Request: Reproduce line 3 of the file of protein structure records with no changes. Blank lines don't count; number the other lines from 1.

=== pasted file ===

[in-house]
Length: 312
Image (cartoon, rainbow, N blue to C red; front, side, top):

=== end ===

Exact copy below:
Image (cartoon, rainbow, N blue to C red; front, side, top):